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to Section One | to Arts & Entertainment
posted Friday, September 22, 2017 - Volume 45 Issue 38
Keeping Faith
Arts & Entertainment
ALL STORIES
  next story
Keeping Faith

by Eric Andrews-Katz - SGN A&E Writer

'THE PRINCE & THE SHOWBOY
(AND THEIR NEW OLD FRIENDS)'
RIALTO THEATER
BROADWAY CENTER
FOR THE PERFORMING ARTS
(TACOMA)
September 29 @ 8pm


Faith Prince is an easily recognizable talent. She has appeared on TV's 'Drop Dead Diva,' and in numerous Broadway productions including Guys & Dolls, The Little Mermaid, and Billy Elliot. She's been nominated (and won) Tony Awards, Drama Desk Awards, and the New York Nightlife Award for Outstanding Musical for her cabaret (with Jason Graae) 'The Prince and the Showboy (And Their New Old Friends)' which will be presented at the Rialto Theater / Broadway Center for the Performing Arts (310 S 9th St) in Tacoma. (253) 591-5894; (800) 291-7593; http://www.broadwaycenter.org/ The new theatrical company Sing Out Louise (with Seattle's David Edward-Hughes at the helm) brings the talented performer back to Seattle as a way of introducing the new company and some of the events scheduled. With a coquette/kittenish personality that easily exudes, it is a pleasure to talk to this talented Lady of the Theatre.

Eric Andrews-Katz: Who were your earliest influences in becoming a performer?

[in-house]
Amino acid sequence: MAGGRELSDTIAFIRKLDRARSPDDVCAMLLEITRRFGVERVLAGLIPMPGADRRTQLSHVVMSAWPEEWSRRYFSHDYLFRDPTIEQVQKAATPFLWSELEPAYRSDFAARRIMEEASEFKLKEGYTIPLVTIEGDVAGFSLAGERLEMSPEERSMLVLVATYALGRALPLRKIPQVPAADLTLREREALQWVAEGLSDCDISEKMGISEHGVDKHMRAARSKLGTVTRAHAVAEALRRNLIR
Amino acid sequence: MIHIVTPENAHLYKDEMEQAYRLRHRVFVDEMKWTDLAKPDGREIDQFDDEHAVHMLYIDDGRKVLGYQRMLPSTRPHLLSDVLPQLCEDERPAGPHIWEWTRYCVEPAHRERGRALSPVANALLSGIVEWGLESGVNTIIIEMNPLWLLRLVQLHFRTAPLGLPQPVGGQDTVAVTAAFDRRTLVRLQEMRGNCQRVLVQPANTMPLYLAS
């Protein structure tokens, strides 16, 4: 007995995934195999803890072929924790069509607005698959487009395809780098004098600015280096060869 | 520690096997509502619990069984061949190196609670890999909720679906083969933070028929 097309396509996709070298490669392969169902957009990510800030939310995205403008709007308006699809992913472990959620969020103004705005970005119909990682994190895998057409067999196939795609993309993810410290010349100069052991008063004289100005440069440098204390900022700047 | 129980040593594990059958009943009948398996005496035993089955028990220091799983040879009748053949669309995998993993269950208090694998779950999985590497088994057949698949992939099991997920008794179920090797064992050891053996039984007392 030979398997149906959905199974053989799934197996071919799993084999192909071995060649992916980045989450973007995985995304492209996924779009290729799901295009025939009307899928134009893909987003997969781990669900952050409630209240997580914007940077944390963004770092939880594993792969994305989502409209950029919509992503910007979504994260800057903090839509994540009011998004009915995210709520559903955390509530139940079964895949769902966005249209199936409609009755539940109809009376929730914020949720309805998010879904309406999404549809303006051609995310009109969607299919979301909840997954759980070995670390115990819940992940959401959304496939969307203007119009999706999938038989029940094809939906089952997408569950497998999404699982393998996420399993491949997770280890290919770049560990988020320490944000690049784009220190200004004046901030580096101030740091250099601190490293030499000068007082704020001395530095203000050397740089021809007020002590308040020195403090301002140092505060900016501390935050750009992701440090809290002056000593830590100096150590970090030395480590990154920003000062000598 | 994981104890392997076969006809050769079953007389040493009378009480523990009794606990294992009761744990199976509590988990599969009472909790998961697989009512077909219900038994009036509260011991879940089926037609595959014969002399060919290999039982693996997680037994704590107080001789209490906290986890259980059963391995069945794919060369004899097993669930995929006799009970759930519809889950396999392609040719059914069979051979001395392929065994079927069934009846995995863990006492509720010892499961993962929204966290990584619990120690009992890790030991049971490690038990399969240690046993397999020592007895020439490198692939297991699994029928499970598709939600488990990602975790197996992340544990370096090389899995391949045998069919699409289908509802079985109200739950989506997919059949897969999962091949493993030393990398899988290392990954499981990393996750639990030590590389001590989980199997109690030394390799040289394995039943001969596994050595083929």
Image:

Faith Prince: Probably my father, who was actually a nuclear engineer, because he was very funny. He would tell jokes to the family and our friends; picture Mickey Rooney, but a little taller with red hair. He was sort of a vaudeville guy by nature. He influenced me. Since I watched television, there was also Lucille Ball and Carol Burnett. I loved comedy. I've always loved telling stories and I was sort of the class clown. I would come home and talk about my teachers, making up stories, etc&I was always quirky and funny.

Andrews-Katz: What kind of music influences the things you do?

Prince: Mostly by the church choir and school singing groups. I always liked choruses, and we did plays in high school. I was 'Laurie' in Oklahoma and 'Nellie' in South Pacific.

Andrews-Katz: They say that an actress learns from every role or show she's done. What have you learned from the following experiences: First, your Broadway debut in Jerome Robbins' Broadway.

Prince: It wasn't so much the experience of the show as it was Jerome himself. I learned discipline and focus and specificity from him.

Andrews-Katz: 'Trina' - from Falsettoland.

Prince: Entering her life was difficult. From her I learned compassion, and how sometimes your family is different from what you thought it would be, and that no matter what happens, there has to be forgiveness and moving on.

Andrews-Katz: Winning a Tony Award for 'Adelaide' from Guys & Dolls.

Prince: Sheer, unadulterated terror! Honestly, I don't like awards.

Andrews-Katz: 'Belle' - from Little Me.

Prince: You probably shouldn't do a show called Little Me, and is really about little he.

Andrews-Katz: 'Aggie Hurley' - from A Catered Affair.

Prince: You need to balance out the dark roles you do with something funny in the day, or by doing something for yourself. When you are living in someone else's dark world, it can really take you down. I would go to Central Park, or go see a comedy. I needed to have good laughs with friends.